Gun safety organizations are also gearing up for a major push against the proposal. Everytown for Gun Safety, which provides a portion of The Trace’s funding, has vowed to spend heavily against lawmakers who support the bill. Borrowing a page from the NRA, the group says it will score members of Congress based on their votes for or against the reciprocity measure.

So the antis know there’s everything to play for. As indicated above, their chief argument is state’s rights! A funny argument from people who support national protections for gay marriage and abortion, the right to which is difficult (though not impossible) to find in the text of the U.S. Constitution.

So what are the odds of passage?

A national concealed-carry bill could easily pass the House, where Hudson’s bill had 188 co-sponsors as of mid-April. President Trump has said he would happily sign it. But it faces an uphill battle in the Senate, where Republicans would need 60 votes — including eight from Democrats — to overcome a filibuster from Democrats, which, on this bill, is considered inevitable . . .

Democrats remain confident they can block the measure. Senate aides said that some Democrats who backed the bill in 2013 when it had no chance of becoming law would likely now oppose it.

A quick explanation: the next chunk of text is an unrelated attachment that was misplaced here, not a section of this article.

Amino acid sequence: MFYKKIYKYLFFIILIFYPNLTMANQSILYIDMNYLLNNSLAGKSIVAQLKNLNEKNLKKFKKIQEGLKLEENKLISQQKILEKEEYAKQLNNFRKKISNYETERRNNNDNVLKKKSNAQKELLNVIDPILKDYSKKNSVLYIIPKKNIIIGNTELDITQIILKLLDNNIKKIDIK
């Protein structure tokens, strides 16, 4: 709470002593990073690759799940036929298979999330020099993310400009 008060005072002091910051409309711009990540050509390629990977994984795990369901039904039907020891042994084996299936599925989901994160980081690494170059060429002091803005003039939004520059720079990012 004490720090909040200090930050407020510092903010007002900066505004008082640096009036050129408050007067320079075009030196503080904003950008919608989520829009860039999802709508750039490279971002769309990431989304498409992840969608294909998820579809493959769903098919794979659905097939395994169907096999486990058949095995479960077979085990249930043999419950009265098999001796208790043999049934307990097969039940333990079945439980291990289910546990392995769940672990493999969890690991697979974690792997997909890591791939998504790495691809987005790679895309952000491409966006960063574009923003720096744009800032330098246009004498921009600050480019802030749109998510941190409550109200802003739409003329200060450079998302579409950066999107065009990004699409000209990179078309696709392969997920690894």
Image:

Chris Cox, head of the NRA’s lobbying arm, has stopped short of predicting passage.

“It’s going to be a hard fight,” Cox said in January.

Well, there’s nothing the NRA likes more than a hard fight (especially for fund-raising). And if Republicans used the filibuster-filleting nuclear option for Gorsuch’s nomination, would they have the stones to use it for national reciprocity? We shall see.

71 Responses to National Reciprocity and the NRA: The Battle Begins!

  1. Won’t this allow a future administrations to put nation wide restrictions on concealed carry? I am all for less restrictive gun laws, unless they will be more restrictive in the future. Who would be in charge of the nation wide carry permits? The Federal government, or state governments? When the next far left president is elected (which there will be someday) will that president have the power to further regulate concealed carry permits? I really need more information to know whether or not this is a good thing, it sounds great but long term, it may not be.

    • Bingo. First, it’s going to take an unholy assortment of “compromises” ever to get this thing passed. Once you plunge into the legislative process, you never know what will emerge.

      In the 1980s, the federal Firearm Owners Protection Act was supposed to allow owners safe passage through hostile anti-gun states. Instead, we got the Hughes Amendment to it, which made all new (1986 and beyond) machine guns illegal for sale to the public. That’s why why 50 year old rusting trash machine guns go for thousands of dollars: the marketable supply was capped.